NestWhile[# + 1 &, 2, lld[# (# + 1)/2 - 1] < n &]
The performance of T2c is competitive to Carl's code for small values
of the argument
and has an edge over it for large ones:
In[168]:= {Timing@T2[11], Timing@T2c[11]}
Out[168]= {{3.829,2080995841},{3.921,2080995841}}
In[169]:= {Timing@T2[12], Timing@T2c[12]}
Out[169]= {{26.532,68302634401},{22.797,68302634401}}
In[170]:= {Timing@T2[13], Timing@T2c[13]}
Out[170]= {{144.406,924972048001},{123.875,924972048001}}
Oleksandr Pavlyk and Maxim Rytin
> >In order to choose the longest sequence of factors of a given degree,
> >we set this up as an integer linear programming problem. We illustrate
> >this for degree 2. Let p1*p1, p1*p2, and so on be candidate factors of
> >degree 2. Then
>
> > (p1*p1)^s1 (p1*p2)^s2 ...
>
> >must divide the original number. Additionally, each sk is either 0 or
> >1.
> >This gives us the constraints for variables s1, s2, ... and
> >the objective function being maximized is s1+s2+....
>
> >The code implementing those ideas:
>
> >CombinationsWithRepetitions =
> > Compile[{{n, _Integer}, {k, _Integer}},
> > Module[{ans, i = 1, j = 1, l = 1},
> > ans = Array[0 &, {Binomial[n + k - 1, k], k}];
> > While[True, While[j <= k, ans[[i, j++]] = l];
> > If[i == Length@ans, Break[]];
> > While[ans[[i, --j]] == n,];
> > l = ans[[i++, j]] + 1;
> > ans[[i]] = ans[[i - 1]];];
> > ans]];
>
> >Clear[LengthOfLongestDecomposition, ffaux]
> >LengthOfLongestDecomposition[nn_] :=
> > ffaux[Sort@FactorInteger[nn][[All, 2]]]
> >ffaux[$Lpow_] :=
> > ffaux[$Lpow] =
> > Module[{Lpow = $Lpow, Ldiv, n, m, k = 1, Lind, ans = 0},
> > n = Length@Lpow;
> > While[Total@Lpow >= k,
> > Ldiv = CombinationsWithRepetitions[n, k++];
> > m = Length@Ldiv;
> > Lind =
> > Quiet@LinearProgramming[ConstantArray[-1, m],
> > Total[1 - Unitize[Ldiv - #], {2}] & /@ Range@n,
> > Thread@{Lpow, -1}, Array[{0, 1} &, m], Integers];
> > ans += Total@Lind;
> > Lpow -= BinCounts[Flatten@Pick[Ldiv, Lind, 1], {Range[n + 1]}]];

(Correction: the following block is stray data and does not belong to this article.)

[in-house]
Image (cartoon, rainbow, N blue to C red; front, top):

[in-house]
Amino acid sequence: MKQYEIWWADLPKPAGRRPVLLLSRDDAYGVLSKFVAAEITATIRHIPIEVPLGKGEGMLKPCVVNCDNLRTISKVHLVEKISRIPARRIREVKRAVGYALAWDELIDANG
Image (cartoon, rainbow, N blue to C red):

> > ans]
>
> >Compare the timing given earlier with the following
>
> >In[132]:= Table[Timing[ffaux[{k, k}]], {k, 7, 15}]
>
> >Out[132]= \
> >{{0.016,7},{1.78746*10^-14,7},{1.78746*10^-14,8},{0.015,9},{3.15303*\
> >10^-14,9},{0.016,10},{0.,10},{0.015,11},{0.,11}}
>
> >Clearly, the use of heavy machinery of LinearProgramming comes at the
> >cost of
> >noticeable overhead which is why the performance of this algorithm is
> >comparable
> >to that of Carl's code when measured over a sequence of triangular
> >numbers because
> >problematic numbers are rare.
>
> >T2b[n_] := # (# + 1)/2 &@
> > NestWhile[# + 1 &, 1,
> > LengthOfLongestDecomposition[# (# + 1)/2 - 1] < n &]
>
> >In[66]:= {Timing[T2[11]], Timing[T2b[11]]}
>
> >Out[66]= {{3.172,2080995841},{2.328,2080995841}}
>
> >In[67]:= {Timing[T2[12]], Timing[T2b[12]]}
>
> >Out[67]= {{26.312,68302634401},{18.235,68302634401}}
>
> >In[68]:= {Timing[T2[13]], Timing[T2b[13]]}
>
> >Out[68]= {{142.765,924972048001},{111.422,924972048001}}
>
> >Oleksandr Pavlyk and Maxim Rytin
>
> >On Jul 10, 5:37 am, Carl Woll <ca... at wolfram.com> wrote:
>
> >>Andrzej and Diana,
>
> >>Here is a faster algorithm. First, an outline:
>
> >>For a given number, the easy first step in writing it as a
> >>factorization of the most distinct factors is to use each prime as a
> >>factor. Then, the hard part is to take the remaining factors and
> >>partition them in a way to get the most distinct factors. However, note
> >>that this step only depends on the counts of each prime factor, and not
> >>on the values of the primes themselves. Hence, we can memoize the number
> >>of distinct factors possible for a set of counts. I do this as follows:
>
> >>Let f be the list of remaining factors, of length l.
>
> >>1. Determine possible integer partitions of l, with the smallest
> >>partition allowed being 2. We also need to order these partitions by
> >>length, from largest to smallest:
>
> >>partitions = IntegerPartitions[l, All, Range[2, l]];
> >>partitions = Reverse@partitions[[ Ordering[Length/@partitions] ]];
>